Lisa Sinclair, all-American cheerleader and blonde bombshell, had one of the prettiest pictures in the yearbook. She came to Central during the last half of our sophomore year and immediately stole the heart of every guy that crossed her path. I hated her at first sight. She had the guys wrapped around her little finger and everywhere her skinny, perfect little body would go, their eyes would follow.
She stole Rick Humphries and countless others away from myself and every other female member of the student body. We were all so blinded by our jealousy that we never noticed how our glares hurt her. She had more suitors than she could handle, but not a single friend. Maybe that was why she committed suicide shortly after graduation.
Not a single classmate showed up for the funeral, not even the guys that did anything in high school just to have the chance to say that they were with her. I wondered what it must have been like for her, to be hated for the way you look, and to be admired by so many guys, only to have them forget about you once you were no longer needed to boost their egos.
Rather than think about the way I had hated Lisa for selfish reasons, I looked beneath her picture at Tammy Smith. I was a friend to her for two years. Born a preacher’s daughter, she was the most naive and wholesome person I knew... or so I had thought. She never cursed or misbehaved. In a way, she never grew up. Although she was two years older than me, she acted five years younger. I was glad when she started going out with Stuart Wicker. She finally quit tagging along with me everywhere I went. Of course, Stuart was the beginning of her downfall.
A few months after they started going out, rumors began to circulate about what exactly they were doing when they were together. Tammy wasn’t so naive anymore.
After high school, she had an abortion and joined the army, but sweet little Tammy couldn’t handle military life. She went crazy during basic training and was sent away to an institution, where to my knowledge, she remains.
Peter Starr’s picture was right next to hers. I remembered him always whistling and staring, irritating the hell out of me. “Hey sexy!” He would call out to every unfortunate girl that crossed his path. “When are you gonna come over so we can have some fun?” He had a million pathetic lines, which he used freely. He sat beside me in first period and except for his raging hormone problem, and his wondering hands, he was a decent guy. He just needed to be smacked a few times.
I wasn’t surprised at all when his first porno movie came out in 1979, or when he debuted his all- nude calendar, which featured a picture of Lisa Sinclair taken our senior year. I’m not sure if it’s true but I was told that Miss October was Tammy Smith.
In the right corner of the following yearbook page was Chastity Thomas. She always walked around the school building with her nose pointed to the sky, preaching her religious philosophies to all who wanted to hear, and to those that didn’t. She went on and on about God’s word and how she was the perfect follower of the lord, never doing anything wrong in her entire life. She looked down on anyone who didn’t agree with her thoughts and practically damned them to hell.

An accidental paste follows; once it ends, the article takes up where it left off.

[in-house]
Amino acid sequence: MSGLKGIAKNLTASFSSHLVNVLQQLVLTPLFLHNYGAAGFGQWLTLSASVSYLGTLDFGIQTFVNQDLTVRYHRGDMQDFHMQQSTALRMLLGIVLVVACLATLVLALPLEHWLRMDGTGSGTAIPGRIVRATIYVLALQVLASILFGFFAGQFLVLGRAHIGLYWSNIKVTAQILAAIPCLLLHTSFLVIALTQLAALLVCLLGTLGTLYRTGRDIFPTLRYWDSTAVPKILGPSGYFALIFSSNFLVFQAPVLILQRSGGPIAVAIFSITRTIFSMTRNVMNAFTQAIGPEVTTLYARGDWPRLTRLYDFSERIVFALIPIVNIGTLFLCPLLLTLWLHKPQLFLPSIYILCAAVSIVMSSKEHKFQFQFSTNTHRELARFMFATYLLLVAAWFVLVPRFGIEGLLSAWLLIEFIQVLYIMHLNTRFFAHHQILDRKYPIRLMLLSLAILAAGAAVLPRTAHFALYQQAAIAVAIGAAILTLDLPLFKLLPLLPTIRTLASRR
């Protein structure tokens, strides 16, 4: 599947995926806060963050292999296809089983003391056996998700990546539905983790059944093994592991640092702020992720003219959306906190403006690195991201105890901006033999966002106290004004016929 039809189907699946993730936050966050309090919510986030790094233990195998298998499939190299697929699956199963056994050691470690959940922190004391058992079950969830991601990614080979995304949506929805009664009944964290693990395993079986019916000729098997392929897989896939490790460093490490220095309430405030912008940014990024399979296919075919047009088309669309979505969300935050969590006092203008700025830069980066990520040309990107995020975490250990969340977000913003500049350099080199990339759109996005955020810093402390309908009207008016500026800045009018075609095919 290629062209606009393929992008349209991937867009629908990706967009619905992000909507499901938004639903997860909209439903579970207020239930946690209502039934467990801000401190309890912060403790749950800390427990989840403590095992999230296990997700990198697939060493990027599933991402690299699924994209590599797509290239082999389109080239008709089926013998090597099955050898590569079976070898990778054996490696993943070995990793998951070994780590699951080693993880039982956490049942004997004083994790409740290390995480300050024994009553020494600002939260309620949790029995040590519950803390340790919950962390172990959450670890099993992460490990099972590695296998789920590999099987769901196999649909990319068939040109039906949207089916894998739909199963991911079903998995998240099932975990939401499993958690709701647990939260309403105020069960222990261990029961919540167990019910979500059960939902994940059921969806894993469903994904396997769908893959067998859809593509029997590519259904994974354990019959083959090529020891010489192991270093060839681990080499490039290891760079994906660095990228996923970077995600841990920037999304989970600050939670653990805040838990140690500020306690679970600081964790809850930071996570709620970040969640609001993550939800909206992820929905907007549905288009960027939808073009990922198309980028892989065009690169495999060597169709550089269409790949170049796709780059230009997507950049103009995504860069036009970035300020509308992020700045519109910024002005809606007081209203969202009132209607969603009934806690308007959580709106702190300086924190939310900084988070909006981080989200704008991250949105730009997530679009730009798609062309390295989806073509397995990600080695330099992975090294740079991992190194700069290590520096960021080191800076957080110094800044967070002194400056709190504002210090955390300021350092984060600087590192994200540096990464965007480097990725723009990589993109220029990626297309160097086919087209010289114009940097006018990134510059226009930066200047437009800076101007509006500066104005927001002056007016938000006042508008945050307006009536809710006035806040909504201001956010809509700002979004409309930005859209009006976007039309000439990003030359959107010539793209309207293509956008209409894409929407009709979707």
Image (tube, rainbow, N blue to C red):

I never did like her. She was too religious; it was abnormal and scary. She never married because there wasn’t a man on Earth good enough for her, and she didn’t keep any friends from school because she eventually found fault with every one of them and told them that they were destined for hell.
In January of 1984 she finally lost her mind and formed a cult of lunatics that called themselves disciples. They went throughout the East Coast killing all the rich, gluttonous, greedy people they discovered, until they were caught in June of that year. Chastity entered hell by way of electric chair.
Beneath her picture was the smiling, somewhat cocky face of Gerald Thorne. He was a decent person. I got along with him fine although he did get on my nerves sometimes. He was constantly talking about the army and anything and everything having to do with the military. He joined the army immediately following graduation. College wasn’t even in his thoughts. He was born and bred to fight in battle if it were to come. Unfortunately, he never got the chance to prove himself the way he had intended. A clumsy recruit blew off his right arm during basic training.
He’s married now and has three children. I saw him six years ago at a Christmas party. He didn’t talk about the military at all.
Three rows beneath his picture beamed the smiling, flawless face of Jill Tucker. She was graced with a ravishing beauty and a body that demanded attention. She walked tall and proud through the halls of school, the only girl that didn’t have to worry about Lisa Sinclair stealing a man away.